The addition of Donatas Motiejunas is official, and it’s not really a significant one. The Spurs have brought in veterans for playoff runs before and essentially not played them, which is the likely fate of the Lithuanian big man. He’s going to be there only in case of emergency.
As far as filler signings go, however, there’s a lot to like about this one. Sometimes the smaller moves are easier to analyze and after looking at the variables, it’s apparent that signing Motiejunas just makes sense, which shows that the front office is still always looking to maximize value, even at the very margins of the roster.
Even after a career-derailing back injury and a couple of years away from the NBA, Motiejunas is still an intriguing addition based on physical profile and skill set alone. Genuine seven footers with some perimeter ability tend to be useful, and D-Mo is just that. In his last full season in the league, Motiejunas had a breakout year, averaging 12 points, six rebounds and two assists while connecting on 37 percent of his three-pointers. In the past two season abroad he hasn’t been able to replicate that accuracy from outside, but has shot 35 percent and 33 percent, respectively: decent marks for a featured player. He’s also averaged three and four assists, respectively, in the past two seasons. No one is going to confuse him for Nikola Jokic, and Chinese league stats are not a guarantee of NBA production, but Motiejunas looks the part of a big man with a passable jumper and some play-making ability, which is exactly the type the Spurs lack now that Pau Gasol is gone.
A reasonable facsimile of Pau doesn’t sound like a good thing, but it’s nice to have variety on the bench. There were plenty of veteran bigs available, but few that had the length to play center and the experience at power forward to be an option next to LaMarcus Aldridge. Motiejunas, who I’m assuming by his 14 boards a game was playing exclusively at center in China, was actually primarily a power forward back in his Rockets days while moonlighting as Dwight Howard’s backup. That was four years ago, and four years is an eternity in the NBA, of course. Then there’s the fact that those Rockets were mediocre defensively with D-Mo at center. Yet Motiejunas was 24 years old then, is just 28 years old now, and has had as much recent success outside of the NBA as any of the other available options. He’s one of the few players the Spurs could have realistically gotten that offered a combination of experience and a hint of upside.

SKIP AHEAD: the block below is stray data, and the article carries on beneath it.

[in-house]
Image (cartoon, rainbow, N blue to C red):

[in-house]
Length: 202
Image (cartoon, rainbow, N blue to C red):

By that standard, Motiejunas is a solid signing, but if his addition prevented the Spurs from making a better move, that wouldn’t be enough to justify it. Fortunately the opportunity cost in this situation was negligible. As mentioned, there were no clearly superior veteran options. At this point in the season leaving the spot open makes little sense. The only reasonable criticism of the signing could be that the Spurs should have gone young instead, but worthy big man prospects get scooped up earlier in the season. In late season situations like this one, some franchises choose to boost the profile of its G-League affiliate and reward players that have done well in their program by calling one up one and signing them for the rest of the year. Unfortunately, the Austin Spurs didn’t really have a viable candidate. The team’s big men are already under contract (Chimezie Metu and Drew Eubanks), are not NBA caliber talents, are completely unproven (Amida Brimah), or are DeJuan Blair. There was no missed opportunity there.
The Motiejunas signing, meaningless as it might end up being, feels smart. The Spurs are getting a veteran player they hope can give them a few minutes if necessary, who has been active recently and has a skill set they lacked in their roster. They didn’t pass up any clearly better opportunities to get their man, either.
It’s always comforting to know that even when it comes to small moves, the franchise’s decision-making seems sound.